The impression one gets about the Conservative Party is that they are worried little bunnies. Having told themselves and anyone within hearing distance that they were the party of the future, of change and hope and were going to sweep to landslide victory next May to sort out all the problems that appeared since 1997 (there being no history before that), they are now sounding a little less certain.
There are indications that you really cannot fool all of the people all of the time and the Cameron agenda is not being accepted in the country. After all, what is in that agenda beyond getting Brown and his family out of Number Ten and getting Cameron and his family in. Enough to vote Conservative? Not for many people as recent local and national by-election results and opinion polls demonstrate.
What would change the game would be the Conservatives presenting the electorate with some positive reasons for being elected: some ideas on the EU would help; general policies on education that would at least indicate how they intend to deal with the most fundamental problem this country faces; a few suggestions on healthcare that would show an understanding of long-term development; that sort of thing. Instead, we get a great deal of whining about ... well, just about everybody.
All bad things started in 1997 and the country was close to utopian existence before that if before that actually existed, seems to be the general party line.
Too bad that many of us recall the situation under the Conservative government, including such details as the Maastricht Treaty and the way it was railroaded through Parliament. (I sat through most of the debates in the Commons and spent some time helping those peers who wanted to pass a referendum amendment in the Lords. The leading one of them was Lord Pearson of Rannoch.)
We can also recall "Baker days" at schools, the destruction of O-levels and the transformation of perfectly good polytechnics into tenth rate universities. All of that happened under the Conservatives.
Enough already. The Tories' other great strategy is to attack the small parties that might attract voters. It has sunk into what passes for brains among Conservative strategists that quite a large number of people are so dissatisfied with the party and its leadership that they might vote for someone else. Or they might stay at home and not vote for anybody. Give 'em credit: it has only taken them three election losses to begin to understand that there is somewhere these people can go.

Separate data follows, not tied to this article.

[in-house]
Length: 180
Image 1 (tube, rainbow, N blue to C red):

This is not a particularly intelligent strategy. In the first place, it raises those smaller parties to the same level and encourages people to consider seriously the pros and cons of voting for them.
It conveys and atmosphere of panic, not a good idea just over six months before the general election with several by-elections of various kinds to go before that.
The panic caused by the election of Lord Pearson of Rannoch to the leadership of UKIP is palpable, as the Boss has written on EUReferendum where he analyzes the first of, undoubtedly, many attempts to smear Lord Pearson or, at least, to present him as just another corrupt politician, so you might as well vote Conservative. Or something.
He refers to the rag in question as the Daily Scarygraph, which is a good name but I am old-fashioned and prefer to use the traditional moniker of the Daily Torygraph. This is particularly appropriate as the piece is nothing much but an attempt to bolster the Tories by being nasty about the man they appear to fear most. (Which tells you a great deal about the Tories but then you knew that, anyway.)
The Boss has done all the calculations, which yield pathetically low sums compared with what MPs have been allowed to snaffle. The Torygraph manages not to mention that peers do not get salaries and their expenses are conditional on their appearing in the Chamber. Despite that it is in the House of Lords that detailed scrutiny of Government Bills takes place, not in the House of Commons.
Lord Pearson and his UKIP colleague, Lord Willoughby de Broke, are hard-working peers. From experience I know that presented with briefs and documents they read through them though nobody pays them for the time spent on that. Equally, from experience I know that secretarial and research services have to be paid by the peers themselves with very little help from the House.